—o— Taste

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30 35 40 45 50 55 60 65 70 75 Sensory intensity level

30 35 40 45 50 55 60 65 70 75 Sensory intensity level

Figure 3. Schematic relation between sensory attribute level and overall liking. The relation usually follows an inverted U shaped curve. Large areas under the curve (subtended by the curve) correspond to important attributes.

variables. Dependent variables can be sensory attributes, acceptance ratings (all from consumers), or physical measures (including cost of goods), etc.

Relations between variables are expressed by equations. Researchers can use one of many available equations, depending upon the expected relation between the independent variable and the dependent variable. Some of these equations are

The Linear Equation. Changes in the dependent variable correspond to linear changes in the independent variable. The linear equation often emerges when we vary one ingredient (eg, sucrose) in a simple food system (eg, sweetened carbonated beverage). Over the limited concentration range consumer ratings of perceived sweetness versus sweetener concentration follow a straight line. Although a straight line might not describe the "true, underlying" relation between the two variables (sucrose level versus per-

Quadratic Relation. As the independent variable increases the rating first increases, peaks and then drops down. The parabolic or quadratic equation is a good summary of how liking varies with physical level (33). The parameters of the quadratic equation are unique to each product. Parabolic equations allow for increases, peaks, and then decreases (the classical inverted U curve), or simply increase and flatten (or the corresponding decrease and flattening). The equation is expressed as:

Dependent Variable = A + B(Independent) + C(Independent)2

The Plane (for Two or More Independent Variables, Jointly Predicting the Dependent Variable). The plane generalizes the line. We can envision it easily as a flat sheet in 3 dimensions. The slope of the plane in any dimension (corresponding to a single independent variable) is given by the coefficient for that independent variable. The plane equation does not account for interactions among the variables. The plane assumes that each variable acts entirely independently to determine the dependent variable. We write the equation of the plane as a multiple linear equation:


In the absence of theory about the relation between independent variables and dependent variable it is prudent to use the multiple linear equation. The equation makes no assumptions other than there exists a simple linear relation between the dependent variable and each of the independent variables.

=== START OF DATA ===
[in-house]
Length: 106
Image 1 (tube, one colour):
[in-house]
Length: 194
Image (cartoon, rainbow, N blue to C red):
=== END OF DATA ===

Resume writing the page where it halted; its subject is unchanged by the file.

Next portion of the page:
Quadratic Surface. Like the plane the quadratic surface also relates several independent variables simultaneously to the dependent variable. We assume that there exists a parabolic or curvilinear relation between the independent variables and the dependent variable (eg, for overall liking). However, for a quadratic or parabolic surface not only do we have linear terms, but also square terms.

If the equation comprises only linear terms and square terms, then we assume that the variables act independently of each other to determine the value of the dependent variable. The square terms allow each independent variable to act in a nonlinear fashion. There may be a flattening of the surface, so that as an independent variable increases the dependent variable can first increase, but then flatten out, and then perhaps even decrease. If there are no interactions between the independent variables, then we write the equation as:

Dependent = A + B(Independent 1) -I- (¡¡(Independent If

+ D(Independent 2) + Etfndependent 2f

Like the plane equation, the parabolic or quadratic equation can be extended to accommodate many independent variables simultaneously. If there exists interaction between pairs of independent variables, we can write the equation as above, but also include a multiplicative term [(Independent 1) X (Independent 2)] to account for interactions (here between the first two independent variables). Many such pairwise interactions may exist. The equation can accommodate them.

There are many other equations that an investigator can use in order to model the relations between independent variables and dependent variables. For product testing, however, we generally do not really know the true form of the relation (viz, how variables interact with each other). It is prudent to use the most parsimonious equation. Most researchers opt for the linear equation, and add square terms and pairwise interactive (multiplicative) terms only when specifically required, usually for one of two reasons:

Table 17. Model (Equation) Relating Formula and Process Variables to Liking"



Std error

T value0

P valued


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